History of the United States 3 (Az Egyesült Államok történelme 3) in spring 2019
Cseh Dániel, Wed 10:30–12:00, R433, host: DAS (R306)
3-credit seminar, 30 h/term; strong prereq: BBN-AME-222
description & set texts
The course offers an overview of the history of U.S. foreign policy from the era of isolationism to expansionism, the birth of the American hegemony, and the American century. The class will be divided into two parts, in the first half we will examine the diplomatic history of America. In the second half of the class we will discuss the theory and the mechanics of foreign policy based on the assigned readings. During the semester we will analyze some of the essential foreign policy documents to better understand the challenges, interests, strategies, and doctrines – with consideration to the historical context – that have shaped the diplomatic history of the United States. The central issue of the course is how the American Century evolved and whether it is over, or not. Recommended Readings: Combs, Jerald A. (1986): The History of American Foreign Policy. New York, NY: Alfred A. Knopf. Hunt, Michael H. (1987): Ideology and U.S. Foreign Policy. New Haven, CT: Yale University Press. Frank, Tibor and Magyarics Tamás (2018): Handouts for U.S. History: A Study Guide and Workbook. 3rd. Revised Edition. Budapest: Antall József Knowledge Centre. Janda, Kenneth, Jeffrey M. Berry, and Jerry Goldman (2011): The Challenge of Democracy. Boston: Houghton Mifflin, Wadsworth, Cengage Learning. Lind, Michael (2006): The American Way of Strategy. U.S. Foreign Policy and the American Way of Life. New York, NY: Oxford University Press. Magyarics, Tamás (2014): Az Egyesült Államok külpolitikájának története. Mítosz és valóság: érdekek és értékek. Budapest: Antall József Tudásközpont. Nye, Joseph S. (2015): Is the American Century Over? Cambridge: Polity Press. Valone, Stephen J. (1995): Two Centuries of U.S. Foreign Policy: The Documentary Record. Westport, CT: Praeger.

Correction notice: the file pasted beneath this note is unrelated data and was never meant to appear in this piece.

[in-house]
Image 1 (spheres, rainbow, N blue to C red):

requirements & assessment
Requirements: Continuous assessment of your work throughout the semester. The final grade will be based on the combined result of the successfully passed end-term exam, completed assignments, as well as on active class participation and regular attendance. 1. End-term exam: 50 Points; the tests will assess the student’s knowledge of the course material and the required readings. The exam is going to be composed of multiple choice and identification questions, document identification, and an essay. Those who are absent on the day of the exam due to medical issue will have the opportunity to retake the test, a medical certificate will be required. 2. Homework: 30 Points; 6 (5 Points) document analysis assignments, students will have to analyze a foreign policy document, its historical significance in American diplomatic history. The paper (1 page long) has to be handed in on the designated date, or can be sent via email before the start of the class. 1 point will be deducted / day for assignments that are submitted late. 3. Classroom participation: 20 Points (10 Points, Attendance / 10 Points, Participation); regular attendance is mandatory (no more than 3 absences), active participation, preparedness for the class, completed reading assignments, and contribution to the class discussion/debate. Being regularly tardy will be considered as an absence; two tardiness will be considered as one absence. Students are required to hand in at the beginning of the class comments, relating to their readings, as proof of their preparedness, which counts for their participation points. Failing to complete the end-term exam, as well as having more than three absences, will result in a failed grade.